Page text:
Bill Cavala, a veteran California Democratic consultant, has noted that when the popular vote is evenly split, the election comes down to a chess game in the Electoral College. This year, that chess game will likely be as desperately tight as it was in 2000. The famous Republican Red-Democratic Blue map from 2000 will get another workout this year.
Where they stand
Based on strong partisan history (Democrats in Massachusetts and Republicans in Utah) or current double-digit poll leads, each man has an almost equal-sized base in the Electoral College. Bush has a lock on much of the South, the Farm Belt and the Rocky Mountain states. Kerry is strong in California and most of the Northeast (see the map accompanying this story).
Bush starts out with a base of 153 safe votes with another 69 votes leaning to him, for a total of 222. Kerry seems certain to win 149 votes and has another 58 votes leaning Democratic, for a total of 207. The election will be decided in nine swing states with 109 votes, all targeted by both parties with massive advertising and heavy get-out-the-vote efforts.
If Kerry has a decent shot at winning the national popular vote, Bush has a slight edge in the Electoral College because of his strength in the smaller rural states.
In 2000, Bush carried 30 states with 271 electoral votes. After the 2001 reapportionment, the Bush states had a net gain of seven votes. So in order to win the 270 required for victory, Kerry will have to: a) hold onto to all the Gore states; and b) move either one large Bush state (like Florida or Ohio) to the Democratic column, a medium-sized Bush state (Missouri or Arizona) or some combination of smaller states.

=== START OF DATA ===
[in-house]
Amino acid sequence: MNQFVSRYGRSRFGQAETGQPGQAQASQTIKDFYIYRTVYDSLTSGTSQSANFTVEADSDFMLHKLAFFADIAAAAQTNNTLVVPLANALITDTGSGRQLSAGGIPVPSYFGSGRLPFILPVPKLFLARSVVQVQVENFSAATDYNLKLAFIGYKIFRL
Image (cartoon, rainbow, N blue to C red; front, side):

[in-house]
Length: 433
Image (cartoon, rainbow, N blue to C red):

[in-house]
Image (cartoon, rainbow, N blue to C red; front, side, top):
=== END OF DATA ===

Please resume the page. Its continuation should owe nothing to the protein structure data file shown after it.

As of Wednesday, Kerry did not have a significant polling lead -- more than 5 points -- in any state that Bush won in 2000. However, the president has not gained any ground either, as he is not significantly ahead in any Gore state from 2000.
The early indicators
This year, three states primarily in the Eastern Time Zone will tell us very quickly the shape of the election: Florida, Pennsylvania and Ohio. For the foreseeable future, these states will be the presidential battlegrounds. Any candidate who sweeps all three will be the next president, period.
Gore carried Pennsylvania by four percentage points in 2000, while Bush won Ohio by the same margin and Florida by 537 votes out of nearly 6 million.
The polls in Ohio close at 7:30 p.m. Eastern Standard Time. If President Bush loses Ohio, he is in trouble -- no Republican has ever been elected without winning the Buckeye State. A Bush loss in Ohio would mean he'd have to win Florida, plus take away a few Gore states like Wisconsin, Minnesota and Iowa. That's possible, due to their large rural populations, but difficult, due to their Democratic heritage.
Pennsylvania's polls close at 8 p.m. Eastern time. If Kerry can't win in this Eastern, urban/labor state, it means he's likely to also lose traditionally Republican Ohio, and it will be almost mathematically impossible for him to get to 270 votes.
Florida has exactly 10 percent of the 270 Electoral College votes needed to win, and whoever carries the Sunshine State will take a giant step toward victory. Most of Florida's polls close at 7 p.m. Eastern Time, although the polls in the Panhandle region in western Florida close at 8 p.m. All three of these states were too close to call as of midweek.
If the president holds on to Florida and Ohio as he did in 2000, plus carries all the states he has a polling lead in now, he'll have 269 votes, needing just one more vote to win. That vote could come from one of Maine's two congressional districts or any of the remaining toss-up states.